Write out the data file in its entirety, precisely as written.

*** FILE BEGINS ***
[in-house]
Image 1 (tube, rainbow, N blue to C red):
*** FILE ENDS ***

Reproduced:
[in-house]
Image 1 (tube, rainbow, N blue to C red):